[We could] improve transportation so people can get to grocery stores, especially for seniors and people with disabilities. At the same time, find alternative ways to get people the food they need: bring it to them at community markets, mobile stores, meals on wheels.
— Everybody Eats Participant


Throughout the Everybody Eats engagement process, 2 inter-connected issues emerged regarding access to healthy food: healthy foods tend to be less affordable than their alternatives, and, unhealthy options tend to be more readily available than healthy ones. 

One needs only to picture vending machines, corner stores, or cafeterias at local institutions, and the food they’re usually stocked with, to conquer. To quote one participant, “we need to make the healthy choice the easy choice.”

Healthy food is also out of reach for people living on low income, and people living in communities with compromised access to full service grocery stores. Fresh foods take so long to arrive in many rural communities, it's nearly spoiled or of poor quality when it reaches their stores, making the healthy choice the undesirable choice.

Key Theme: 3 Raise Education, Awareness, and Food Skills

There needs to be a cultural shift. People need to understand that local produce doesn’t just taste better, isn’t just more nutrient dense, isn’t just part of a growing terroir movement. They need to see locally produced food — local farms, market gardens, school gardens, urban gardens — as part of the very fabric of their culture. Local food is what knits us all together.”
— Everybody Eats Participant

Participants spoke about the need to enhance education around the relationship between food and health, and the awareness of our province’s food security issues. Our province is home to the highest rates of obesity and diabetes in the country, and we have a very low consumption of fruits and vegetables.

It was suggested awareness could be raised particularly well through the formal education system, and public awareness campaigns. The formal education system, spanning kindergarten to grade twelve, presents an exceptional opportunity to better our children’s relationship with food and nutrition, while building food skills like cooking, gardening, food preservation, and fishing.


We need to establish an effective succession planning for existing farms before it is too late, current farmers are getting older and we need the next generation of farmers to take over.
— Everybody Eats Participant

In November of 2017, the Everybody Eats Leadership Team hosted a Provincial Planning Forum on Food Security. The Forum brought together more than 85 key stakeholders in the provincial food system, and was attended by premier Dwight Ball, who provided opening remarks.

The goal of the forum was to shift the project from engagement to action. It was time to stop talking about food security issues, and start doing something about them.

Through a series of hands-on, interactive exercises, attendees discussed and reflected on findings from the Everybody Eats engagement process, and worked together in identifying a first round of action points to improve food security in NL.

The forum also provided an opportunity to enlist potential candidates to form working groups that would develop and enact these action areas.


WINTER 2018:

Using input and feedback generated at the Provincial Planning Forum, the Everybody Eats Leadership Team identified 3 initial action areas for the next phase of the Everybody Eats project.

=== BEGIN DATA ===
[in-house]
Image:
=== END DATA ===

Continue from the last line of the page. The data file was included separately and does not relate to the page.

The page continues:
These action areas were identified as priorities on the basis of their urgency, potential for impact, and the viability of their implementation resulting in productive action in advancing food security.

In time, more ideas borne out of the Provincial Planning Forum will be used to inform work on food security issues. For now, the priorities are:

  1. Cost of Food and Household Food Insecurity*
    Exploring and piloting efforts to improve the affordability of healthy food in NL.
  2. Community Food Self Sufficiency 
    Exploring and piloting efforts to improve our food knowledge and skills, and to improve our access to locally produced and wild foods.
  3. Promotion of Local Food in NL 
    Exploring and piloting efforts to increase awareness of, and consumption of locally produced and harvested foods.

* To read more about Cost of Food in NL, click here.


Throughout the Everybody Eats engagement process, participants identified the need for supportive policy across all levels of government, and non-government institutions, including schools, hospitals, government buildings, organizations, and businesses.

Thanks to local initiatives like Everybody Eats, we're seeing positive policy changes at the provincial level in NL, including a commitment to double our food production by 2022, as part of the Liberal government's Way Forward strategic plan.

The province has also released significant crown land for agricultural purposes, and made it easier for local fishers to sell to local retailers and restaurants. As another example, to facilitate the sharing of traditional food skills, the province has also reduced the legal age of hunting small and large game to 12 and 16 respectively.


For its immense and collaborative effort in mobilizing this important work, Everybody Eats has garnered national attention.

In fact, Food First NL’s model is being adapted and implemented by the New Brunswick Food Security Action Network, and the approach was reviewed by Food Secure Canada in developing their efforts to inform the creation of a National Food Policy.

In March of 2018, Food First’s Executive Director Kristie Jameson and Everybody Eats Project Manager Ethan Doney attended the Maple Leaf Centre for Action on Food Security’s inaugural, national symposium on food security, where Jameson sat on a panel that focussed on policy levers that can advance issues of food security.

Page Updated May 2018